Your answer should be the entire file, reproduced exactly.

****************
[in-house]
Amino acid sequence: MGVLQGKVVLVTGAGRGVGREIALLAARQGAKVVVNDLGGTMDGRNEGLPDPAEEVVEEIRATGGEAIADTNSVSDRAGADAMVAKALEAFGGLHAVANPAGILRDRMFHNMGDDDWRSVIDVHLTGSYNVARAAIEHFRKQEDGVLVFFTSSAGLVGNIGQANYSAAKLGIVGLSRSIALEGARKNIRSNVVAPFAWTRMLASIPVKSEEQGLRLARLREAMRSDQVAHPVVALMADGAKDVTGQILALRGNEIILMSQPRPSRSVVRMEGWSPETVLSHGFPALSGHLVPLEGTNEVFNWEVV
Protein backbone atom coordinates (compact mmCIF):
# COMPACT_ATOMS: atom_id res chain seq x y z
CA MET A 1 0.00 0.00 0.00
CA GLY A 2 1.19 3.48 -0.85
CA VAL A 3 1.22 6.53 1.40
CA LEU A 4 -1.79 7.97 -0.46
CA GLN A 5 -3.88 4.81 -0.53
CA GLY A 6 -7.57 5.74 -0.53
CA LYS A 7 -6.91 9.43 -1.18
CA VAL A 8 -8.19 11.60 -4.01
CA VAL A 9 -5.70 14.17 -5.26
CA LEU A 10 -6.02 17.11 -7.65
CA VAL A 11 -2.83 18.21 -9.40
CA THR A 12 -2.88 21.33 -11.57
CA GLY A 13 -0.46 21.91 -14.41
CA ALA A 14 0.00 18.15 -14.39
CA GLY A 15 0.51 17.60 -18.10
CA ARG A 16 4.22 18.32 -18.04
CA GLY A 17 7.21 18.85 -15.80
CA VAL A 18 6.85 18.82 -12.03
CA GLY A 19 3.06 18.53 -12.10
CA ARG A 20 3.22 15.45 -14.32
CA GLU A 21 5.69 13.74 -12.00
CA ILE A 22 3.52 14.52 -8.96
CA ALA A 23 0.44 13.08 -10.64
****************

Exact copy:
[in-house]
Amino acid sequence: MGVLQGKVVLVTGAGRGVGREIALLAARQGAKVVVNDLGGTMDGRNEGLPDPAEEVVEEIRATGGEAIADTNSVSDRAGADAMVAKALEAFGGLHAVANPAGILRDRMFHNMGDDDWRSVIDVHLTGSYNVARAAIEHFRKQEDGVLVFFTSSAGLVGNIGQANYSAAKLGIVGLSRSIALEGARKNIRSNVVAPFAWTRMLASIPVKSEEQGLRLARLREAMRSDQVAHPVVALMADGAKDVTGQILALRGNEIILMSQPRPSRSVVRMEGWSPETVLSHGFPALSGHLVPLEGTNEVFNWEVV
Protein backbone atom coordinates (compact mmCIF):
# COMPACT_ATOMS: atom_id res chain seq x y z
CA MET A 1 0.00 0.00 0.00
CA GLY A 2 1.19 3.48 -0.85
CA VAL A 3 1.22 6.53 1.40
CA LEU A 4 -1.79 7.97 -0.46
CA GLN A 5 -3.88 4.81 -0.53
CA GLY A 6 -7.57 5.74 -0.53
CA LYS A 7 -6.91 9.43 -1.18
CA VAL A 8 -8.19 11.60 -4.01
CA VAL A 9 -5.70 14.17 -5.26
CA LEU A 10 -6.02 17.11 -7.65
CA VAL A 11 -2.83 18.21 -9.40
CA THR A 12 -2.88 21.33 -11.57
CA GLY A 13 -0.46 21.91 -14.41
CA ALA A 14 0.00 18.15 -14.39
CA GLY A 15 0.51 17.60 -18.10
CA ARG A 16 4.22 18.32 -18.04
CA GLY A 17 7.21 18.85 -15.80
CA VAL A 18 6.85 18.82 -12.03
CA GLY A 19 3.06 18.53 -12.10
CA ARG A 20 3.22 15.45 -14.32
CA GLU A 21 5.69 13.74 -12.00
CA ILE A 22 3.52 14.52 -8.96
CA ALA A 23 0.44 13.08 -10.64